Gamal Number Two sits alone at the edge of the tables, watching Ib carefully, eyes just above his newspaper, like a cartoon spy or private detective. Ib walks straight to the chair beside him and says, "Mind if I make myself comfortable in this here seat, Gamal?" in loud American English. "Or are you the other Gamal?" The Egyptian looks bewildered, but after a moment he meticulously folds the crinkling tissue of his newspaper. Gamal lays a palm on his chest, as a taxi driver does when he tries to charge the tourist rate to a foreigner who does not consider himself a tourist. This gesture puts Ib completely at ease, back in the known world of cardboard cutouts of the Egyptian working class. He considered Gamal an unbearable annoyance half an hour ago but is very happy to see him now. He calls to the waiter for coffee and lupini beans. Casually, as a joke, Ib asks why Gamal is following him.
"I follow you not, Bey," Gamal says, in English. "There are many of me in this city. I miss you when you leave my window. But I follow you no. You follow me, mish kidda? This is happy good luck we do iftar together. You go to this table. I live in this table. Ask all my friends." He speaks to the nearest neighbors, a rapid sentence in Arabic that Ib can only partly translate: "Tell the American professor that a woman . . . four streets of leather." The men at nearby tables burst out laughing. Gamal seems at home on stage. He momentarily lights up, grows more noble, while the laughter washes over him.
"You know I follow another American today," Gamal says again in English, in a tone that indicates he has something to confess. ¨I do not know why."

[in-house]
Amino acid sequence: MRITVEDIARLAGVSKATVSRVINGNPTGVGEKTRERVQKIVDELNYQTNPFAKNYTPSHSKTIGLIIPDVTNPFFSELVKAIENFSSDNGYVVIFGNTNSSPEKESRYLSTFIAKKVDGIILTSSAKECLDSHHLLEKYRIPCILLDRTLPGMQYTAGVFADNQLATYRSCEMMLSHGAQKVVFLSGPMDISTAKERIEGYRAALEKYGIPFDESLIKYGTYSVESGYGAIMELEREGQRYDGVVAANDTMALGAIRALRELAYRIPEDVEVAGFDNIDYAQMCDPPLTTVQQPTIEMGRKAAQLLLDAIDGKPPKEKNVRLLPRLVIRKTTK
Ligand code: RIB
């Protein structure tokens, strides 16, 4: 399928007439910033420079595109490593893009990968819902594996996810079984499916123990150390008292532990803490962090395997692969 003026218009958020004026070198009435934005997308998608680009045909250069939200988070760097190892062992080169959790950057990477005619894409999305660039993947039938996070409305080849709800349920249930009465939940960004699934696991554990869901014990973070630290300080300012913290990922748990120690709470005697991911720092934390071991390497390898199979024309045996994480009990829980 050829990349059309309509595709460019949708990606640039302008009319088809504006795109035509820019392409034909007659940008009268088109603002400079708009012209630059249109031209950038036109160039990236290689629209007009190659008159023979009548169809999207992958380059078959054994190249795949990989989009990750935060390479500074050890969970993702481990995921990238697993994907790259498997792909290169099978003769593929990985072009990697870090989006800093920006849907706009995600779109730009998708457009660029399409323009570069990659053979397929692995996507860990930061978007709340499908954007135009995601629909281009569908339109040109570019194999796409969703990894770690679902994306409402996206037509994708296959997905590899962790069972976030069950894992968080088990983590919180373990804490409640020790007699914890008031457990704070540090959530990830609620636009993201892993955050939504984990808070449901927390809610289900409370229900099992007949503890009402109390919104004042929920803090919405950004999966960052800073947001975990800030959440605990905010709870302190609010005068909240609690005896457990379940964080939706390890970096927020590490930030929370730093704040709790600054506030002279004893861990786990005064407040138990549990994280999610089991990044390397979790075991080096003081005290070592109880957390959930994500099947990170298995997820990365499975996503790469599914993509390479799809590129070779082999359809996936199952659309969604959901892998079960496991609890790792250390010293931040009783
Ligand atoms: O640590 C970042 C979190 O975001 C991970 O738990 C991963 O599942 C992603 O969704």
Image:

Ib says he is not American, a lie he commonly uses for anonymity. Americans are more exposed, better liked, and representatives of the place most lusted after by the average Egyptian.
"As you say. This American is rich and own many books and understand our ways and he walked as if he knew the secret of happiness, so I follow him from Boulaq across the bridge to Zamalek, and then to the Gezirah Club, and I try to speak with the guards, who are from my village in the Delta. But you put a man in front of the wealthy and he becomes one of them, a snob, patronizing, better than you. But he's no better, he's worse in fact, a pathetic uniformed lackey who licks the trail these slugs leave on the ground and then thanks them. So I climbed a tree and saw you playing tennis in yellow underwear with a beautiful young woman, calling out to her to raise her racket this way or bend her knees or think of the ball as her friend, and I laughed and laughed until I fell out of the tree."